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Justin Trudeau's racist pictures jeopardize his already tight re-election campaign

Just one month before the country's national election, Canadian Prime Minister Justin Trudeau is facing public outrage over racist photos that have resurfaced from his past. In two separate images, one from when he was in high school and another from when he was a 29-year-old private school teacher, Trudeau appears in blackface and brownface makeup respectively.

Time broke the story of Trudeau in brownface late Wednesday, publishing a photo from the 2001 yearbook of the West Point Grey Academy, the private school where Trudeau was a teacher. In the image, the prime minister is dressed as a character from the movie Aladdin, wearing a turban and robes with his face, neck, and hands dramatically darkened by makeup.

The photo was taken at an event with an "Arabian Nights" theme, the Liberal Party of Canada confirmed. Trudeau is head of the Liberal Party and is facing stiff competition from the Conservative Party in next month's election.

Trudeau apologized to reporters Wednesday night, following the publication of Time's report. "I shouldn't have done that. I should have known better and I didn't. I'm really sorry," he said. During his remarks, he also revealed the existence of the older photo, which depicts him performing the Jamaican folk song "O Day" during a high school talent show while wearing blackface.

Canada's Global News added another instance to the file Thursday morning, publishing a video that appears to show a young Trudeau once again covered in dark makeup. It's unclear where and when the video was taken, Global News said, but a "senior member of the Liberal campaign" confirmed that it was Trudeau.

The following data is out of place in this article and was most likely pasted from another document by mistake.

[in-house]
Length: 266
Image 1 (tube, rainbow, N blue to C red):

Trudeau did not address the video specifically, and the Liberal official who spoke to Global News referred the site to his previous comment from Wednesday night. During that session with reporters, when the prime minister was asked whether there were any additional moments he wanted to admit to, he said, "The fact of the matter is that I’ve always — and you’ll know this — been more enthusiastic about costumes than is sometimes appropriate," per Time.

The National Council of Canadian Muslims called the photos of Trudeau published Wednesday "deeply saddening," but thanked the prime minister for offering an apology "less than an hour" after the organization requested one.

Canadaland, another Canadian news website, published another photo Thursday from the "Arabian Nights" party that shows Trudeau in the offensive makeup while posing with two men who appear to be Sikh.

Jagmeet Singh, the leader of Canada's New Democratic Party and the country's first non-white leader of a major party, addressed the controversy in an emotional statement Wednesday. "Tonight is not about the prime minister. It's about every young person mocked for the color of their skin. The child who had their turban ripped off their head," Singh wrote on Twitter. "To you, I say you are loved." On Thursday morning, in light of the new revelations, Singh said: “I have to really point out what we’re seeing now is an ongoing pattern of behavior that’s really going to hurt Canadians. They’re going to see the prime minister mocking the realities that so many Canadians live with."

Politico noted that the controversy is primed to exacerbate existing racial tensions in Canada. "Past incidents of this sort have seen some Canadians attempt to argue that brownface or blackface is an American import — and that outrage over it counts as over-the-top political correctness in a land without the same history of Jim Crow laws and Al Jolson minstrel shows," Politico explained, noting that in predominantly French Quebec, condemnations of blackface have sparked some stringent defenses.

Still, as the English-speaking son of a former Canadian prime minister, and the leader of the country's ostensibly progressive wing, Trudeau is facing an increasingly uphill battle as he gears up for the Oct. 21 election. His candidacy was already wounded earlier this year by a political scandal that prompted questions of whether the prime minister had unduly used his political might to protect a large Montreal corporation from criminal persecution. On Thursday, the CBC reported that Trudeau's re-election campaign was "on pause" in light of the racist reveals.